Conducted since 1790, the decennial census is the largest peacetime mobilization in the country and far more than an “actual enumeration” as outlined in the Constitution. Census data determines political representation at every level of government, the distribution of more than $675 billion in federal funding, business decisions, strategic planning and many other activities across the public and private sectors.
The 2020 Census is important for Georgia’s cities, and local officials play a vital role in ensuring a complete and accurate count in their communities.
What happens if I don’t promote the Census in my community?
According to George Washington University, Georgia received about $23.8 billion in FY2016 through 55 federal spending programs guided by 2010 Census data. These numbers imply that a community receives more than $2,300 per person annually – but only if that person is included in the census count.
What are Complete Count Committees?
The key to creating local awareness for the 2020 Census are Complete Count Committees (CCCs). Think of them as grassroots action plans whose effectiveness rests on local officials’ ability to act as trusted voices in the community as they educate residents and promote the census through targeted outreach efforts.
CCCs are usually formed by the highest elected official in a jurisdiction (such as a mayor or commissioner) and should represent a cross-section of the community. A city can either create its own organization or form a joint city/county committee – there is no wrong approach except inaction. (See below for ideas on how to form effective complete committees.)
When should I start promoting the Census?
Although Census Day is April 1, 2020, your leadership matters now. The more informed your residents are about the 2020 Census, the better their understanding of the process. Understanding builds trust and increases everyone’s willingness to be part of a successful count.
What can I do as part of a Complete Count Committee?
Besides securing funding and staff, a CCC needs to establish clear, achievable goals as it creates customized promotional materials for the census and its benefits. Working with community-based organizations that have direct contact with hard-to-count households helps identify areas that may require extra efforts.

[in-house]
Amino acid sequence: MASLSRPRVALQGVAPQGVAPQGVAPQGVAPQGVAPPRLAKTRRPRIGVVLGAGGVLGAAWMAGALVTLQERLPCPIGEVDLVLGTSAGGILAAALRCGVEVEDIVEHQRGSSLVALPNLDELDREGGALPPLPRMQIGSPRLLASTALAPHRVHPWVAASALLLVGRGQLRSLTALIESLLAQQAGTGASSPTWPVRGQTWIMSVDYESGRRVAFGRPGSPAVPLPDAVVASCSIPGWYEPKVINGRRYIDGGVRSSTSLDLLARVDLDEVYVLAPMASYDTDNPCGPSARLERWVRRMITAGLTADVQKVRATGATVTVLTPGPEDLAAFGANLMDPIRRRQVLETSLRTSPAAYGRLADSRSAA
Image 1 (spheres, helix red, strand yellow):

Who can help me promote the 2020 Census in my community?
GMA’s 2020 Census Toolkit
features state and federal resources, census tools, materials from regional workshops and news.
Ideas for Complete Count Committee Activities
- Develop a list of barriers, groups or concerns that might affect the 2020 Census in your community.
- Create ways to dispel myths and alleviate fears about the privacy and confidentiality of census data.
- Place census messages on water bills, property tax bills, social media and other correspondence generated by your community.
- Host a Census Workshop with others in the community.
- Develop and implement activities to involve local government employees in a 2020 Census Awareness Campaign.
- Encourage corporations and other organizations to become official sponsors of your census activities.
- Have census posters, banners and other signage placed in highly visible public locations.
- Include the 2020 Census logo and messages on brochures, newsletters, social media sites and your city’s website.
- Sponsor a census booth at county fairs, carnivals and festivals (especially cultural or ethnic celebrations).
- Sponsor a contest to design a sticker or poster promoting the 2020 Census.
- Have census information available in all municipal buildings.
U.S. Census Bureau Partnership Specialists can be reached via email at Atlanta.email@example.com
or by phone at (404) 730-3832 or 1-800-424-6974.